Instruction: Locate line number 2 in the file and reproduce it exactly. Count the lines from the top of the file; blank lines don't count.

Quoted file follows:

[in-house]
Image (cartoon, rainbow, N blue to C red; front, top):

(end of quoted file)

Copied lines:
Image (cartoon, rainbow, N blue to C red; front, top):